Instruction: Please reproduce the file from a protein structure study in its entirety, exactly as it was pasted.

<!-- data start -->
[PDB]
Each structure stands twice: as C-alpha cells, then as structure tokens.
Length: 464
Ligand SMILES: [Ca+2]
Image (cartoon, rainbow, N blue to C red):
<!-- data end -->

[PDB]
Each structure stands twice: as C-alpha cells, then as structure tokens.
Length: 464
Ligand SMILES: [Ca+2]
Image (cartoon, rainbow, N blue to C red):